One of the women that I have been visiting weekly this semester passed away on Monday. I gave the eulogy at her graveside service today. Here it is:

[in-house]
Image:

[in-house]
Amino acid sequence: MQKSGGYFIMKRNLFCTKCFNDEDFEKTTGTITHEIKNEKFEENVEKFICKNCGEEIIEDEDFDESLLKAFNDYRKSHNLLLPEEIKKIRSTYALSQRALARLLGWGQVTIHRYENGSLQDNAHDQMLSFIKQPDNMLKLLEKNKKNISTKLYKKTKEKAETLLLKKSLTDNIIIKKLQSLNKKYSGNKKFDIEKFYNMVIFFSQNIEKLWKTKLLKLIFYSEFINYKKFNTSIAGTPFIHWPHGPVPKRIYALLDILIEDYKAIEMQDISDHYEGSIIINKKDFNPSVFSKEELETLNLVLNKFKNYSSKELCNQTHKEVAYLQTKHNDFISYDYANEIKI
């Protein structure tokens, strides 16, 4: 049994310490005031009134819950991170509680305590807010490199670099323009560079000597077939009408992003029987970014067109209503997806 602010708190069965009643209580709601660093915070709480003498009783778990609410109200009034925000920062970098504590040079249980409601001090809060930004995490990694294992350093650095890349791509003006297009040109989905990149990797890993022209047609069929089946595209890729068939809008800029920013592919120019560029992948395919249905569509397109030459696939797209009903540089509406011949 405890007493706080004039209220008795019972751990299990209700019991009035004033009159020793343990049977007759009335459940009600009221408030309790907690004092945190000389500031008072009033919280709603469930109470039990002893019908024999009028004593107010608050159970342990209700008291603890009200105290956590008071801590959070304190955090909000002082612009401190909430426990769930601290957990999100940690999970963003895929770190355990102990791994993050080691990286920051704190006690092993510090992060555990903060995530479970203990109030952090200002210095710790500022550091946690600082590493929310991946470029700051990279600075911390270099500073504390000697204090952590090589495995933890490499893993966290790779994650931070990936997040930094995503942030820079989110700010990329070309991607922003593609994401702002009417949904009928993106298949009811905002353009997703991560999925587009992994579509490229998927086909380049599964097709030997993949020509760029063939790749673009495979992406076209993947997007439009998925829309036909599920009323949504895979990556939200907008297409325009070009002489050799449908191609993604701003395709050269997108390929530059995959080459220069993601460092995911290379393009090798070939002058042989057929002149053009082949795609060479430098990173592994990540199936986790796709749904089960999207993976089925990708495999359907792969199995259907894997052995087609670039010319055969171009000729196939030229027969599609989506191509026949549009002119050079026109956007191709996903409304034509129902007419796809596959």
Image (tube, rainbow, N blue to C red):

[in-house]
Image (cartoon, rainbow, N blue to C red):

Memories surround us in this place. They hover on the edges of our vision, on the tips of our tongues, just out of ear range. We close our eyes and let those memories wash over us: We remember Evelyn as a young woman, cradled in Lyle’s arms, spinning across dance floors, laughing. We remember her standing behind us, her voice scaling up and down in great tales as she created masterpieces with our hair. We remember her behind the stove in her kitchen, in any kitchen, chopping, measuring, cooking without recipes. We remember her in her last days, struggling to the find the words to speak. We remember her stories – we remember her struggles - We remember her. Now that she has gone on and received her ultimate healing – our memories have become more precious than we ever knew. Some of the imporantce in moments like these, in places such as this, is that we suddenly realize how valuable our memories are – how valuable our memories have always been. To all people in all places. The people of ancient Israel knew the value of memories – they passed on the memories of their history, the memories of their mothers and fathers, through stories told around campfires, through the words and acts of priests and prophets, through the poetry of their psalms; “what our fathers have told us we will not hide from our children, we will tell the next generation the praiseworthy deeds of the Lord, his power, and the wonders he has done.” Jesus himself taught us the power and value of memory – “When you break bread and drink wine” he said “remember me.” Memory. It links us to our past. It links us to our loved ones, whether they remain with us or have gone on ahead of us. Memory helps us peer back and see the subtle and almost invisible movements of God among us and in us. Memories surround us here. Share them with each other like Evelyn shared with all of us – tell the stories of Evelyn knocking wigs off nuns, of Evelyn escaping the torture and terror of the concentration camp in Dachau, of Evelyn dancing through the night, of Evelyn and Lyle fighting and loving each other simultaneously. Tell each other about Evelyn’s love, her devotion, her perseverance, her stubborn, stormy, fiery nature. Tell each other about her struggles, and frustrations, those last days that seemed to fill with pain. Tell each other about Evelyn’s faith, her love of the Lord, her love of church, her love of all God’s children. Share – link yourselves to the past; link yourselves to Evelyn, to each other; and look back and see God moving within her life, within your own. Memories can bring healing, and I pray that today, and all the days that follow after this one, you will begin that painful process of healing. That the scars of yesterday may disappear, that the tears of loss become tears of thankfulness, that your hearts may be filled by the love and grace of our Lord Jesus Christ instead of by loneliness and despair. God wants you to remember – your memories keep you aware of a greater world, of a greater people, of a greater purpose. God wants you to remember - in the act of remembering, your past becomes a part of your present, God’s saving acts throughout history, become his saving acts now. God wants you to remember – our loved ones can never really be gone when we purposely and thoughtfully pass our memories amongst each other. Share your memories. Heal each other. Remember Evelyn. Let us pray.